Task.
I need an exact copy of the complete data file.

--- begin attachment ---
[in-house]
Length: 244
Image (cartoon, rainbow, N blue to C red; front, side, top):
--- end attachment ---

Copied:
[in-house]
Length: 244
Image (cartoon, rainbow, N blue to C red; front, side, top):